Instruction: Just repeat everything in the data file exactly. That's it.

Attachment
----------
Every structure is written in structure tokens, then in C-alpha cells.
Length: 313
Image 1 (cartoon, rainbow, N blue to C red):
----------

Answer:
Every structure is written in structure tokens, then in C-alpha cells.
Length: 313
Image 1 (cartoon, rainbow, N blue to C red):